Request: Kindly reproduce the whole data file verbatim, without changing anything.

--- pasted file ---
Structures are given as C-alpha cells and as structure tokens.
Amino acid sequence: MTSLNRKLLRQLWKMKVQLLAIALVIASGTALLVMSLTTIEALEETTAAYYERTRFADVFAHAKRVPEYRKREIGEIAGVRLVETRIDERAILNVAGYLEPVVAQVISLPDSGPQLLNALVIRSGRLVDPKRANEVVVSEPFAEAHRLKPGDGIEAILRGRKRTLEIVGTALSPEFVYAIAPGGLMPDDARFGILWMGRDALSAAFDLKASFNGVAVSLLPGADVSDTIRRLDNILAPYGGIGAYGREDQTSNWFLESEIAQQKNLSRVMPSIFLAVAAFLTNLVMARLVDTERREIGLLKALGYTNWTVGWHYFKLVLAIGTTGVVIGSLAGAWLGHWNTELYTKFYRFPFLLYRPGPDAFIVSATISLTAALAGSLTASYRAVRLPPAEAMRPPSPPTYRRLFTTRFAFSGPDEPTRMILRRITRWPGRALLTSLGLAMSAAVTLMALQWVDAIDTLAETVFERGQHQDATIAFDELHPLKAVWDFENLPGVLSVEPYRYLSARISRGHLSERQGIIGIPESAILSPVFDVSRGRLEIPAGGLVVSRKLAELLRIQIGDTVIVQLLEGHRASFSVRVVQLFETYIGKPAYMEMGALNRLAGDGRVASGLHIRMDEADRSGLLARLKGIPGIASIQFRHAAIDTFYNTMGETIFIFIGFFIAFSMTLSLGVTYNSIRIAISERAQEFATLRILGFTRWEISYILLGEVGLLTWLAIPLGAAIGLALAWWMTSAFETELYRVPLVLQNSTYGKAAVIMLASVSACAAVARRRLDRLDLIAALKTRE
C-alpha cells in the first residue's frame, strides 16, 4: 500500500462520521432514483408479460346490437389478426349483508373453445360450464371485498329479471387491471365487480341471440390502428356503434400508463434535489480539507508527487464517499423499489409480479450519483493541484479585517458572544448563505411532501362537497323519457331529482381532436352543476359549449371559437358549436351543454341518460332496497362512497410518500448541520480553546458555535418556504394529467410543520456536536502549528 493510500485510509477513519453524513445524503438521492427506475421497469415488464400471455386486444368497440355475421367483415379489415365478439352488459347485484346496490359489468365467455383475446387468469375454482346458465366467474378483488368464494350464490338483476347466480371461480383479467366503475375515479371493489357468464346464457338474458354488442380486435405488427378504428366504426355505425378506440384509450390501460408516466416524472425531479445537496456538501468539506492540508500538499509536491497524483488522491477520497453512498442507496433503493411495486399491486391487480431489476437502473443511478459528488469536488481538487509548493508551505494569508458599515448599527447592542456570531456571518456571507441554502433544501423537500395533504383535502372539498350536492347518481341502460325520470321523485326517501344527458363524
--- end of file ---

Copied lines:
Structures are given as C-alpha cells and as structure tokens.
Amino acid sequence: MTSLNRKLLRQLWKMKVQLLAIALVIASGTALLVMSLTTIEALEETTAAYYERTRFADVFAHAKRVPEYRKREIGEIAGVRLVETRIDERAILNVAGYLEPVVAQVISLPDSGPQLLNALVIRSGRLVDPKRANEVVVSEPFAEAHRLKPGDGIEAILRGRKRTLEIVGTALSPEFVYAIAPGGLMPDDARFGILWMGRDALSAAFDLKASFNGVAVSLLPGADVSDTIRRLDNILAPYGGIGAYGREDQTSNWFLESEIAQQKNLSRVMPSIFLAVAAFLTNLVMARLVDTERREIGLLKALGYTNWTVGWHYFKLVLAIGTTGVVIGSLAGAWLGHWNTELYTKFYRFPFLLYRPGPDAFIVSATISLTAALAGSLTASYRAVRLPPAEAMRPPSPPTYRRLFTTRFAFSGPDEPTRMILRRITRWPGRALLTSLGLAMSAAVTLMALQWVDAIDTLAETVFERGQHQDATIAFDELHPLKAVWDFENLPGVLSVEPYRYLSARISRGHLSERQGIIGIPESAILSPVFDVSRGRLEIPAGGLVVSRKLAELLRIQIGDTVIVQLLEGHRASFSVRVVQLFETYIGKPAYMEMGALNRLAGDGRVASGLHIRMDEADRSGLLARLKGIPGIASIQFRHAAIDTFYNTMGETIFIFIGFFIAFSMTLSLGVTYNSIRIAISERAQEFATLRILGFTRWEISYILLGEVGLLTWLAIPLGAAIGLALAWWMTSAFETELYRVPLVLQNSTYGKAAVIMLASVSACAAVARRRLDRLDLIAALKTRE
C-alpha cells in the first residue's frame, strides 16, 4: 500500500462520521432514483408479460346490437389478426349483508373453445360450464371485498329479471387491471365487480341471440390502428356503434400508463434535489480539507508527487464517499423499489409480479450519483493541484479585517458572544448563505411532501362537497323519457331529482381532436352543476359549449371559437358549436351543454341518460332496497362512497410518500448541520480553546458555535418556504394529467410543520456536536502549528 493510500485510509477513519453524513445524503438521492427506475421497469415488464400471455386486444368497440355475421367483415379489415365478439352488459347485484346496490359489468365467455383475446387468469375454482346458465366467474378483488368464494350464490338483476347466480371461480383479467366503475375515479371493489357468464346464457338474458354488442380486435405488427378504428366504426355505425378506440384509450390501460408516466416524472425531479445537496456538501468539506492540508500538499509536491497524483488522491477520497453512498442507496433503493411495486399491486391487480431489476437502473443511478459528488469536488481538487509548493508551505494569508458599515448599527447592542456570531456571518456571507441554502433544501423537500395533504383535502372539498350536492347518481341502460325520470321523485326517501344527458363524